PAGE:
This is my second of three posts about “common opportunities” to make good classrooms more rigorous. Yesterday I wrote about making it clear to students how you want to them to participate. Today’s post is on the idea of replacing times when we ask students to “agree or disagree” with an answer a classmate has given with more nuanced prompts.
Asking a student to agree or disagree with what a peer has said in class has some clear benefits. For example, it causes students to respond to each others’ ideas directly and, ideally, to link their comments into a discussion- to connect their comments. That’s a good thing. Over time, this can become a habit and yield a culture of peer to peer listening, which is very important. Most teachers think of “talking” as the crux of class participation but listening is at least as important- good discussions require it. That’s probably why teachers like to ask students to agree or disagree so much. The challenge is that using agree/disagree has limitations- fortunately they’re limitations that can easily be overcome.
One challenge is that teachers can sometimes use a phrase like “Do you agree with Marcus?” as a tip- they are more likely to use it when the original student is wrong (or right). Thus it gives the answer away and reduces rigor unless you are roughly as likely to use it when students are right and when they are wrong.
But the biggest limitation, at least to me, is that asking students to agree or disagree gives students only two choices, both of which socialize them to take sides and judge rather than reflect on a previous idea. There are other prompts a teacher could use that give more nuance and more options to students and that push them to think less about taking sides and more about understanding the statement that’s been made.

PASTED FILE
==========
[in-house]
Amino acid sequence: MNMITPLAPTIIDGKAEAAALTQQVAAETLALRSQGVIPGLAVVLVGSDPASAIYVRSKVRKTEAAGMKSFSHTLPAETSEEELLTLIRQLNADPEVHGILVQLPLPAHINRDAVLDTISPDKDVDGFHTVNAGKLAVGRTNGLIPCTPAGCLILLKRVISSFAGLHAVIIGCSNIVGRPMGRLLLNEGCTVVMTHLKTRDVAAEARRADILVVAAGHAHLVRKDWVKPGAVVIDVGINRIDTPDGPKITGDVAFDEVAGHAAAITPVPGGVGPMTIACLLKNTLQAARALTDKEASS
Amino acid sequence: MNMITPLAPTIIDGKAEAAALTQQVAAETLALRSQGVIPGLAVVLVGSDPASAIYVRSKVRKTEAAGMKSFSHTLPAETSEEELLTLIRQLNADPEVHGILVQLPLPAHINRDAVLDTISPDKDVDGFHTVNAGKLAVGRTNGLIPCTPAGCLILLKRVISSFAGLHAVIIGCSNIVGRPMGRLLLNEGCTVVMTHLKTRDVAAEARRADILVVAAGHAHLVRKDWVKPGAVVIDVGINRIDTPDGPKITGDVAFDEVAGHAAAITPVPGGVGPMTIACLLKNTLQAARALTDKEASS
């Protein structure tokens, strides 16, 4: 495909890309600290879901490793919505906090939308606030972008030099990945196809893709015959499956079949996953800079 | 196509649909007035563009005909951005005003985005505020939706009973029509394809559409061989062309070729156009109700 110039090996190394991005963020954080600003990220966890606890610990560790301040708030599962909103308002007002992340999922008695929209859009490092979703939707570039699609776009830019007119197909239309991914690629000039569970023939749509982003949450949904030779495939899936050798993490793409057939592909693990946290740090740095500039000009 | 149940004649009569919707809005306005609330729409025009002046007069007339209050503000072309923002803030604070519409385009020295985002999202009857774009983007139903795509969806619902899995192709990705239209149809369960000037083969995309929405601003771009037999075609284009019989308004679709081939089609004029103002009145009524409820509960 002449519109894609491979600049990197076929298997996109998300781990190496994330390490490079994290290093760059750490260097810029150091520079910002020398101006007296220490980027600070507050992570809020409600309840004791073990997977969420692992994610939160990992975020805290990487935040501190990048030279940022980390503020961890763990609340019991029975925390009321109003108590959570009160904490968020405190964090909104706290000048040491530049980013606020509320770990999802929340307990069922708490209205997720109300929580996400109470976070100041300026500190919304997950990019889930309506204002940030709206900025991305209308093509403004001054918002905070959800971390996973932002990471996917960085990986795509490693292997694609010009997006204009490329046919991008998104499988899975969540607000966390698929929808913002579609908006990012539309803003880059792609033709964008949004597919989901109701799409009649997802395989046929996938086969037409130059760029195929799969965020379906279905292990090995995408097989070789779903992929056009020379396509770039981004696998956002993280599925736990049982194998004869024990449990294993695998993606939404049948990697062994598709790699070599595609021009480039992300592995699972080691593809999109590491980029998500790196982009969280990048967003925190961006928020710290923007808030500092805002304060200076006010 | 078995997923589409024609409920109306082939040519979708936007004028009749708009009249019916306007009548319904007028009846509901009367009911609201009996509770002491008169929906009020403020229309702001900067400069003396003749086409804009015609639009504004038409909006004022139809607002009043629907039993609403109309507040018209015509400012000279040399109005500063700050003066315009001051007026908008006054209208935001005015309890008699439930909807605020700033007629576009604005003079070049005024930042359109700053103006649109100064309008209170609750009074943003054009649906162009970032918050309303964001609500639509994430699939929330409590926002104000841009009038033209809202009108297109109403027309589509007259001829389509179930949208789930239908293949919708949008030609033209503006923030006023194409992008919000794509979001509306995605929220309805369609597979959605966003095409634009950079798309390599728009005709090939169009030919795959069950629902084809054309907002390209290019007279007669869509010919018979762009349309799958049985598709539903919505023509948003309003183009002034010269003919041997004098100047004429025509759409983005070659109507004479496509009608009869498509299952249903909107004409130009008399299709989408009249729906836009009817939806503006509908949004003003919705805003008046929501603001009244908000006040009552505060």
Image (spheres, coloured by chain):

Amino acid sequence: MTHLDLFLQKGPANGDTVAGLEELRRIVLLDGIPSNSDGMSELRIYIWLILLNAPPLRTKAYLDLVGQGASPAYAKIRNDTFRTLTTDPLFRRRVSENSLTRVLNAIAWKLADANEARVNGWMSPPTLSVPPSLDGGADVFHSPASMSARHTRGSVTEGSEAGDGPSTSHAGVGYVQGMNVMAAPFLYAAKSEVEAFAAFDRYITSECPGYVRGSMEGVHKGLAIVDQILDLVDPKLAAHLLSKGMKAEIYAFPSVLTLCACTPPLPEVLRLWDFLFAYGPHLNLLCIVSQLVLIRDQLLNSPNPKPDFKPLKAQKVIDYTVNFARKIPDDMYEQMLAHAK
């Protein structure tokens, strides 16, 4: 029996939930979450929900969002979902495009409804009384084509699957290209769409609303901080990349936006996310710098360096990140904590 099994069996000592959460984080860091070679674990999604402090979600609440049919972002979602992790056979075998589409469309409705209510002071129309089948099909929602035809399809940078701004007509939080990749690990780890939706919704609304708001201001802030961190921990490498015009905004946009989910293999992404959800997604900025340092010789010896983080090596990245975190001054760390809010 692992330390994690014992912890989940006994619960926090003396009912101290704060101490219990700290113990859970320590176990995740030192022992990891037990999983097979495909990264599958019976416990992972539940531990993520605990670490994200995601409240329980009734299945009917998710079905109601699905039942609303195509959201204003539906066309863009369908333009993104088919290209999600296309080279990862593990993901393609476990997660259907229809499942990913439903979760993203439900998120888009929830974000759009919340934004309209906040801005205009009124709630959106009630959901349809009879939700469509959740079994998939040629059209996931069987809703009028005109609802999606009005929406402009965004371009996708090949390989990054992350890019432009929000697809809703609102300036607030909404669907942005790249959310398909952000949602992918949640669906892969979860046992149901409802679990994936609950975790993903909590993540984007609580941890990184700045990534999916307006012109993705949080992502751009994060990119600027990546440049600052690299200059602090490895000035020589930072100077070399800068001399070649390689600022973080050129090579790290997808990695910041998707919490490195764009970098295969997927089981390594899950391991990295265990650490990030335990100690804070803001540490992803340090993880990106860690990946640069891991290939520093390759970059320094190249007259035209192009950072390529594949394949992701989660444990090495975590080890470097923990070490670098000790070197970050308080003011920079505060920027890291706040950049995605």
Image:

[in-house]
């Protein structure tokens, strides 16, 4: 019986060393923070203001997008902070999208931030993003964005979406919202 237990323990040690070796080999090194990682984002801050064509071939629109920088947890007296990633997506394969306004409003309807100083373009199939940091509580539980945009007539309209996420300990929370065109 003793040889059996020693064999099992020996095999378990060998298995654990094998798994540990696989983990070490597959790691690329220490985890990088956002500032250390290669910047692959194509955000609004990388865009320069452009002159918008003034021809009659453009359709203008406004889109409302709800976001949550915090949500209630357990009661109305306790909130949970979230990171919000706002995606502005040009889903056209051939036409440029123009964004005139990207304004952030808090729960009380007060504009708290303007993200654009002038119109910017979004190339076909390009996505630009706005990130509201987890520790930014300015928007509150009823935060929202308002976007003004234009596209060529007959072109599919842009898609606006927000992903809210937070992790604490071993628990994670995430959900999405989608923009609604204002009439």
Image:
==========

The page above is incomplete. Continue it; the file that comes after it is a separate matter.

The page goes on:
So typically a teacher might ask, “How is Wilbur feeling right now?” Charles might say, “He’s afraid,” and the teacher then might ask another child, “Carmen, do you agree or disagree?”
Here’s where a small upgrade makes a big difference. Replacing “Carmen, do you agree or disagree?” with:
- “Carmen, can you develop that?” or
- “Carmen, how do you evaluate that?” or
- “Carmen, can you build on that answer? or–if you do want kids to “take a stand” merely saying:
- “Evaluate please… Carmen.”
Now Carmen isn’t locked in on whether Charles is right or wrong but can engage in any number of ways. She can extend his answer, ask a question about it, agree with only part of it, provide evidence, etc. You get the benefit of students responding to one another but in ways that give you more nuanced point of view than agree/disagree.
If you asked me to choose one single prompt to use in place of agree-disagree, I would go with “Develop.” You can always ask a student to develop a peer’s answer and the prompt suggests refinement but allows that to happen in a variety of ways.